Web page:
According to researchers, parental depression contributes to greater brain activity in areas linked to risk taking in adolescent children, leading to more rule-breaking behaviours.
“This is the first evidence to show that parental depression influences children’s behaviour through the change in the adolescent’s brain,” said lead study author Yang Qu from University Of Illinois at Urbana-Champaign.
There are a lot of changes happening in the teenage years, especially when we are thinking about risk-taking behaviours, added another researcher Eva Telzer.
The study, published in the journal Social Cognitive and Affective Neuroscience, analysed 23 adolescents aged 15 to 17, with cognitive testing and brain imaging at the beginning and end of the 18-month study.
To measure parental depression, the team collected data from the parents on their own depressive symptoms and who were not currently being treated for clinical depression.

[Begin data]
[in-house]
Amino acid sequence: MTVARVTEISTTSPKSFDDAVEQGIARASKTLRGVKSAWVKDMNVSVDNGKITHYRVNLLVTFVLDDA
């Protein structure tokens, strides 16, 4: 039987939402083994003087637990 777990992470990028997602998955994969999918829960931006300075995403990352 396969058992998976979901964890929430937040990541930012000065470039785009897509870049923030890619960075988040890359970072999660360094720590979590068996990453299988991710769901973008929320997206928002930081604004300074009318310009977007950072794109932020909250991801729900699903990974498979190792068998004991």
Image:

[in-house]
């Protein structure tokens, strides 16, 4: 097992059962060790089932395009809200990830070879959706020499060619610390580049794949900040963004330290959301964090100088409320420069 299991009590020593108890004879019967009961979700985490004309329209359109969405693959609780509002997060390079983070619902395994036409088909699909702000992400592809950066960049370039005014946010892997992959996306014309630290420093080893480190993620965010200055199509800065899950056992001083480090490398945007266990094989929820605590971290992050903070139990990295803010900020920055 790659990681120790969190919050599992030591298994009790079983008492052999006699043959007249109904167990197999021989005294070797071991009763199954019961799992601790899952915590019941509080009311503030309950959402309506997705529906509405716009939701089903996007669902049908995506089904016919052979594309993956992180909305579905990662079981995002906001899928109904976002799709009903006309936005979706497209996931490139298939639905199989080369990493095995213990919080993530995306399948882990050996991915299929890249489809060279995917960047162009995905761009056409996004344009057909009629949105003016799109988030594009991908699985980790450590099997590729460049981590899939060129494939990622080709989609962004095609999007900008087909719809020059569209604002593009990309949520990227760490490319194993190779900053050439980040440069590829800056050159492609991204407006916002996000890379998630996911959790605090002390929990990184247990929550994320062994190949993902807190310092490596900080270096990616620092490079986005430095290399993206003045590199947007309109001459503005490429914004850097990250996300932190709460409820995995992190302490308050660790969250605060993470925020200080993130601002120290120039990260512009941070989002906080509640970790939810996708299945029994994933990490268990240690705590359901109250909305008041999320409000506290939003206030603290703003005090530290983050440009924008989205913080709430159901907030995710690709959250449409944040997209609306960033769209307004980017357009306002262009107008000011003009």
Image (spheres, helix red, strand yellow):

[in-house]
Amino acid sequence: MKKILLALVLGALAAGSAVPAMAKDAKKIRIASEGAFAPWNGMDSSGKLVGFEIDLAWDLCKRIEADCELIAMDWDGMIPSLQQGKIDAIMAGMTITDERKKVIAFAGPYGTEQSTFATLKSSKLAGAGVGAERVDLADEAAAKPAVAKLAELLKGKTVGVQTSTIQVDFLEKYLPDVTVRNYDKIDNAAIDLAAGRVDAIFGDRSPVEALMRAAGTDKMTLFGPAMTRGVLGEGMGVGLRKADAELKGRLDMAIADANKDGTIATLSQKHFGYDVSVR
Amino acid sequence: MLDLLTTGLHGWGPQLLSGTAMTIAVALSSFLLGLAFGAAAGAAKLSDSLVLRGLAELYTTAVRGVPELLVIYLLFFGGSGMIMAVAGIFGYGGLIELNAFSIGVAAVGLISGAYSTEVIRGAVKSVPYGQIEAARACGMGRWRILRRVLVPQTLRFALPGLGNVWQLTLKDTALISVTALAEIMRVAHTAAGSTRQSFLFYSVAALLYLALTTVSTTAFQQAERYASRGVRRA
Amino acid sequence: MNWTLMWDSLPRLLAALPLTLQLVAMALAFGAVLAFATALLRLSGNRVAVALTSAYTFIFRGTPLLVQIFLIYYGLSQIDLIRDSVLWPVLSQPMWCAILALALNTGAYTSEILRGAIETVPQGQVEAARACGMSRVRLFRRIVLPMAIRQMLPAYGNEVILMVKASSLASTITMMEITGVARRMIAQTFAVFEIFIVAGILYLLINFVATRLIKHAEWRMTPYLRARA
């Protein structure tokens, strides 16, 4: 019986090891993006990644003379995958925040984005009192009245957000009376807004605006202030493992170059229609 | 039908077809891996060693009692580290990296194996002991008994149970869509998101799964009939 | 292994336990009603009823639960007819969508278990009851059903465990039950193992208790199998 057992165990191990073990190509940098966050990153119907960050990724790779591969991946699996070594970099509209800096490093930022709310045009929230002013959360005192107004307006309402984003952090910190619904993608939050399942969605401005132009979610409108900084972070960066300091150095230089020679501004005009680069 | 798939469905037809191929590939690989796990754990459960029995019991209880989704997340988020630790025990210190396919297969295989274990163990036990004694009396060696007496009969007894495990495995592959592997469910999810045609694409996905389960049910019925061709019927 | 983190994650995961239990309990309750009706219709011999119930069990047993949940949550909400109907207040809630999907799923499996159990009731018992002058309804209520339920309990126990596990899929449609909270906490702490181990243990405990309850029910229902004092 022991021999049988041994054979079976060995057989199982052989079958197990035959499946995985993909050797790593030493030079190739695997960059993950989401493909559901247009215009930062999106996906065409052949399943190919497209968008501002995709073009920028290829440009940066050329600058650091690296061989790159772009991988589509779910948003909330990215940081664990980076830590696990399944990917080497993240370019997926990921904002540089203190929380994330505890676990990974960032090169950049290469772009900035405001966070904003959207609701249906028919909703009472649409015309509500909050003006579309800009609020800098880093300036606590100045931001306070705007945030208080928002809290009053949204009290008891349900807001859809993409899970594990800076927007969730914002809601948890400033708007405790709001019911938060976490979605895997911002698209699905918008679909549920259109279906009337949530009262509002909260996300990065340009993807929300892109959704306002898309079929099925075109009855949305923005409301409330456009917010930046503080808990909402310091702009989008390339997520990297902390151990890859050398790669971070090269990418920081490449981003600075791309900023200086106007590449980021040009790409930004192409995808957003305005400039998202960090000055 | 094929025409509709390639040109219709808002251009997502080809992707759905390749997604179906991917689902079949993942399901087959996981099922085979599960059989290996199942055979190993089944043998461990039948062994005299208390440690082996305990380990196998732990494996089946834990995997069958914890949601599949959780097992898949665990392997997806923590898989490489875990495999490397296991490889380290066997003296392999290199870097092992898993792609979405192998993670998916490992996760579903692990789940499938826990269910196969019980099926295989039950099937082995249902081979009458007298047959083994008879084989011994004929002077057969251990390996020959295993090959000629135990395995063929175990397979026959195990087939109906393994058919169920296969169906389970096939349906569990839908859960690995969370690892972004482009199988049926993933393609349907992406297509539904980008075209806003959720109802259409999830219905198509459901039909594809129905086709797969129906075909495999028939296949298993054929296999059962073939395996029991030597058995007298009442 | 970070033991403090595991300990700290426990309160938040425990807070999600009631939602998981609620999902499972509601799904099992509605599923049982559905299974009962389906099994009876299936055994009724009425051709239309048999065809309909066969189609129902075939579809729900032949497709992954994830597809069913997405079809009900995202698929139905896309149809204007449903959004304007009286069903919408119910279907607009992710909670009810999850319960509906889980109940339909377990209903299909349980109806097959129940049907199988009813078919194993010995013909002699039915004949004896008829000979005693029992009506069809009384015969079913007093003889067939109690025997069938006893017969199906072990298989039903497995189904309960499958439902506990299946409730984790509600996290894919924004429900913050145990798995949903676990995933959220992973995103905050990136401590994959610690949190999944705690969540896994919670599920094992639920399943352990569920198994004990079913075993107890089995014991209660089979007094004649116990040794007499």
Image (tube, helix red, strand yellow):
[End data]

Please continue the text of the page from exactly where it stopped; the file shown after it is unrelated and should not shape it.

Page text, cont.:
They also collected information on the adolescents’ rule-breaking behaviours, such as sneaking out without parental permission, substance abuse and partying.
The findings indicated that adolescents whose parents had greater depressive symptoms increased their risk-taking over the course of the study.
“Even if you are not clinically depressed and seeking out help, your teenager is probably picking up on the negative emotions that you may be experiencing,” Telzer noted.